FAQs

Here are some Frequently Asked Questions of the Purpose Driven Small Group Network.

Why does the PDSG Network exist?

Steve Gladen started the PDSG Network for three reasons:

  1. To build relationships.  To make sure that nobody doing Small Group Ministry stands alone!  Too often people at conferences are on their last leg in ministry because the enemy has isolated them.  When we have others around us doing similar ministry we can go farther.  It is through this Network we can pour into each other so that we can serve others through our small group ministry.
  2. To share ideas.  We all have great ideas.  The problem is we don’t have a way to share them with the masses.  Small Group Point People can do ministry better when sharing great ideas.
  3. To help us be intentional.  “Vision without implementation is hallucination.”  Unless we stay focused with the task at hand, we will do a lot of stuff, but in general miss the ministry God specifically called us to do.  Having someone in our life looking at our plans, we are more effective for the Kingdom than when we are on our own.  By participating in a couple of Huddles each year, we can help each other be more intentional with what God has called us to. 

How to get started?

Start close to home.  Contact people in your area who you identify as the Small Group Point Person of a congregation.  If you have not made contact with other Small Group Point People from surrounding churches, this will be a great opportunity to do so. Share your heart with them. Invite them to join you and other leaders of Small Group Ministry for casual gatherings to “talk shop”. Your State Point Person can also supply you with more contacts. Invite them to get together for a Network huddle. Email them a link to our PDSGN blog so they can see for themselves what we are all about. Stress that the Network is a place for all sizes of churches and for all denominations. The primary goal is connecting and supporting leaders of Small Group Ministry so that they might develop healthy small groups in their churches.

What’s a huddle?

A huddle can be as simple or as elaborate as the leader desires.  It can be as simple as a few people getting together over coffee to discuss Small Group Ministry.  It can be as elaborate as a full blown Small Group Conference. 

Who hosts a Network huddle?

The person who hosts a Network huddle is identified as a Regional Point Person (RPP).  We are praying that every county in every state might one day have an identified RPP hosting Network huddles in their region.  In the early stages, the State Point Person (SPP) may need to also serve as an RPP until such time as appropriate RPPs can be established.

How often do Regional huddles meet?

Regional huddles are encouraged to meet at least twice per year.  However, each Region has the freedom to meet as often as they like.  Currently, some Regions are hosting huddles as often as once per month. They typically last about two hours.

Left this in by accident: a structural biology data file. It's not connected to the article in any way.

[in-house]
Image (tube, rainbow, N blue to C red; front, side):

One strategy is to huddle in the spring following a PDSG Conference.  The conference can be debriefed and learning’s shared.  The second huddle could be held in the late summer to encourage one another preparing for a busy fall schedule.

What should happen at a huddle?

Huddles should encourage participants in their ministry and their faith walk.  It would be appropriate to get to know one another personally (fellowship), share a scripture (discipleship), pray (worship) with and for each other’s mission and ministry.  

 Mission and ministry can usually be covered thoroughly by everyone sharing “The 4 P’s”:

  • Praise – What’s one good thing that has happen in your ministry?
  • Problem – What is one challenge facing your ministry?
  • Plan – What ministry plans do you have?
  • Pray – How can I pray for you?

Or, you can have a huddle around a certain question or topic such as, How do you start new groups or How do you train your leaders. The idea is to give leaders of Small Group Ministry a venue for conversation. We learn best from our peers. Gathering together to build relationships and exchange ideas and resources is extremely valuable. Just as in small groups, huddle ownership and participation can be increased by sharing roles such as host, snacks, prayer leader or devotion leader.

Don’t be discouraged if your huddles start small. If one other person shows up, then that was God’s plan. Make the most of that connection and build from there.

How are RPP identified?

Just as in groups, God will raise up potential RPPs from within a new region or an existing regional huddle may launch a new huddle in a nearby region.  In addition SPP and existing RPP should pray for and be watchful for a potential RPP of an undeveloped region.  All RPP should be affirmed by the SPP and Area Point Leader (APL).

How will potential regional huddle participants identified?

The RPP is encouraged to personally recruit, when appropriate, from existing contacts and organizations.  Some examples might be: ministerial associations, other networks and denominational networks.  In addition, the State Point Person (SPP) will be encouraged to share any pertinent information with the RPP, specifically lists of potential contacts within their region.

 The Network will work to recruit participants through:

  • Conference registration lists
  • Conference breakout sessions
  • 40 Days Campaign mailings
  • Internet presence
  • Rick Warren’s Ministry Tool Box
  • Saddleback contacts
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